Nature Journal: Go birding to learn species, vocalizations – Citizen Times

Although bird identification can be perplexing — baffling at times — for even the most accomplished birders, the principles of identification are relatively simple.  We recognize birds by their visual appearance and by their vocalizations.
Birds have two basic kinds of vocalizations. Call notes are given by both males and females of the same species year-round in order to stay in touch with one another or express alarm. For instance, the rufous-sided towhee (a common permanent resident in Western North Carolina) seems to whistle its name “tow-heee” in all seasons. Then during the breeding season, the male will emit the vocalization we call song in order to establish a breeding territory, attract a female, and warn all other males out of that territory. In the male towhee’s case, this song sounds for all the world like “drink-your-tea” to human ears.
The phrases birders associate with specific calls and songs for various species are known as “mnemonic devices.” These allow one to readily identify a bird without ever seeing it at all. In the world of birding identification by either sight or sound have equal value. You can find the mnemonics for most species in a good field guide and the various electronic identification aides now available will allow you to hear them again and again. But nothing beats going out with local birding groups to learn the mnemonics for the species in your area.
Visually we recognize birds by their silhouettes, flight patterns, and distinctive markings. As children we learned from our parents to recognize blue jays, robins, cardinals, goldfinches, crows, by their distinctive plumage colorations.
One area of bird identification that is particularly rewarding is learning – where possible – to recognize males and females of the same species. Like humans and numerous other animals, some birds are clearly dimorphic; that is, the sexes can be visually determined at some distance, especially if you have binoculars.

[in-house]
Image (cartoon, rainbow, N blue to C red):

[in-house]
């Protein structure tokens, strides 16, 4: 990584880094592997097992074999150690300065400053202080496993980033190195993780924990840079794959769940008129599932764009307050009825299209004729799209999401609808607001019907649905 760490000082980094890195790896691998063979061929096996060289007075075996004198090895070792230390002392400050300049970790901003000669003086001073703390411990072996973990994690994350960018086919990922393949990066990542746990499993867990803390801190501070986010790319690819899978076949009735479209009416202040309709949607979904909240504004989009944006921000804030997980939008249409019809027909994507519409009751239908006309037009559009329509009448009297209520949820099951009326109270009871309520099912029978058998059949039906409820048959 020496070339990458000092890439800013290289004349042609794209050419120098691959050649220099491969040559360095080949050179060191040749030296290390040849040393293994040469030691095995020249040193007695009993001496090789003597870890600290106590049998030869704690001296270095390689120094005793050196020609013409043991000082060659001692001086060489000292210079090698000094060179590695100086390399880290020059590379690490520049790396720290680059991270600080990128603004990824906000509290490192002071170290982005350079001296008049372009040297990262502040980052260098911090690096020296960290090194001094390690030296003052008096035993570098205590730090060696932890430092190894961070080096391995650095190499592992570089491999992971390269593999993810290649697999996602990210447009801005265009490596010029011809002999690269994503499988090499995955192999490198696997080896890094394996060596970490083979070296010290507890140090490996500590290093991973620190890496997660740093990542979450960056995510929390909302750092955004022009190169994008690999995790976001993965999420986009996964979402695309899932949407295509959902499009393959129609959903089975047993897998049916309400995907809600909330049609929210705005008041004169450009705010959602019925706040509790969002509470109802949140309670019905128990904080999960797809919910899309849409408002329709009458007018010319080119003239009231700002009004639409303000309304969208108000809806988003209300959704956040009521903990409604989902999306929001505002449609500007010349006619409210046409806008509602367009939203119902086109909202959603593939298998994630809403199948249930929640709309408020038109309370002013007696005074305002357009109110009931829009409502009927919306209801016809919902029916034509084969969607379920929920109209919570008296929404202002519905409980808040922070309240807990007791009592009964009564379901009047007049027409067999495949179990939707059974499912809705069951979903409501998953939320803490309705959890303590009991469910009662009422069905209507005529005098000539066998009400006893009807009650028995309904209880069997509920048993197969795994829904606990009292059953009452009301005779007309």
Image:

The sexes of crows, ravens, blue jays, etc., cannot be determined even with binoculars by most of us. A trained ornithologist, of course, can sex a bird in hand by examining its sexual parts. Perhaps a third of the common birds in WNC are clearly dimorphic.
It’s great fun to go out and see how many identifications you can make in a given day of both the male and female of a species. Cardinals, rufous-sided towhees, rose-breasted grosbeaks, indigo buntings, house finches, red-winged blackbirds, and numerous other species are a piece of cake. You won’t have any doubt which sex you’re seeing. Others -like the numerous warblers – will be more of a challenge. Sometimes the differences in coloration or marking between the two will be very slight.
The male and female orchard and Baltimore orioles that breed in WNC are very interesting to observe. The male orchard oriole is black with deep chestnut underparts.  The male Baltimore oriole is black with flame orange underparts. The females of both species are startlingly different. Their upperparts are olive brown with two white wing bars while underparts very yellowish. The underparts of female Baltimore orioles are somewhat orangish as opposed to the somewhat greenish appearance of the orchard oriole’s underparts.
Happy birding!
George Ellison is an award-winning naturalist and writer. His wife, Elizabeth Ellison, is a painter and illustrator who has a gallery-studio at 155 Main St., Bryson City. Contact them at or or write to 3880 Balltown Road, Bryson City, NC 28713.